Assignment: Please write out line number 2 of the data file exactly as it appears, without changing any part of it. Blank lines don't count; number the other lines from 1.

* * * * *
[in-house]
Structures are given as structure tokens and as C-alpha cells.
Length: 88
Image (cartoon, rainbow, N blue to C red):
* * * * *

Structures are given as structure tokens and as C-alpha cells.